Alarm Detector Sensors in Different Technologies
In the alarm system, there are different alarm detectos. Related sensors are in different technologies. In this article, we will give a general introduction on them.
Ionic sensor: mainly used in smoke detector ( It is going to wash out)
An ionization smoke detector uses a radioisotope, typically americium-241, to ionize air; a difference due to smoke is detected and an alarm is generated. Ionization detectors are more sensitive to the flaming stage of fires than optical detectors, while optical detectors are more sensitive to fires in the early smouldering stage
In an ion-sensing ignition system, the spark plug itself becomes a sensor. The ignition control(IC) module applies a voltage of about 100-400 volts DC across the spark plug gap after the ignition event to sense the plasma inside the cylinder.
Photoelectric Sensor: mainly used in popular smoke detector
A photoelectric, or optical smoke detector contains a source of infrared, visible, or ultraviolet light (typically an incandescent light bulb or light-emitting diode), a lens, and a photoelectric receiver (typically a photodiode). In spot-type detectors all of these components are arranged inside a chamber where air, which may contain smoke from a nearby fire, flows. In large open areas such as atria and auditoriums, optical beam or projected-beam smoke detectors are used instead of a chamber within the unit: a wall-mounted unit emits a beam of infrared or ultraviolet light which is either received and processed by a separate device, or reflected back to the receiver by a reflector. In some types, particularly optical beam types, the light emitted by the light source passes through the air being tested and reaches the photosensor. The received light intensity will be reduced by absorption due to smoke, air-borne dust, or other substances; the circuitry detects the light intensity and generates the alarm if it is below a specified threshold, potentially due to smoke. In other types, typically chamber types, the light is not directed at the sensor, which is not illuminated in the absence of particles. If the air in the chamber contains particles (smoke or dust), the light is scattered and some of it reaches the sensor, triggering the alarm.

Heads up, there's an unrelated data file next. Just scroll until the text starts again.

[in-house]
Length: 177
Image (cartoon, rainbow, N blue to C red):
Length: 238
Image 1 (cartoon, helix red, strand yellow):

Typical smoke detector obscuration ratings
|Ionization||2.6–5.0% obs/m (0.8–1.5% obs/ft)|
|Photoelectric||0.70–13.0% obs/m (0.2–4.0% obs/ft)|
Catalytic combustion Sensor: mainly used in Fuel Gas Detector
It is commonly used to measure combustible gases that present an explosion hazard when concentrations are between the lower explosion limit (LEL) and upper explosion limit (UEL). Active and reference beads containing platinum wire coils are situated on opposite arms of a Wheatstone bridge circuit and electrically heated, up to a few hundred degrees C. The active bead contains a catalyst that allows combustible compounds to oxidize, thereby heating the bead even further and changing its electrical resistance. The resulting voltage difference between the active and passive beads is proportional to the concentration of all combustible gases and vapors present. The sampled gas enters the sensor through a sintered metal frit, which provides a barrier to prevent an explosion when the instrument is carried into an atmosphere containing combustible gases. Pellistors measure essentially all combustible gases, but they are more sensitive to smaller molecules that diffuse through the sinter more quickly. The measureable concentration ranges are typically from a few hundred ppm to a few volume percent. Such sensors are inexpensive and robust, but require a minimum of a few percent oxygen in the atmosphere to be tested and they can be poisoned or inhibited by compounds such as silicones, mineral acids, chlorinated organic compounds, and sulfur compounds.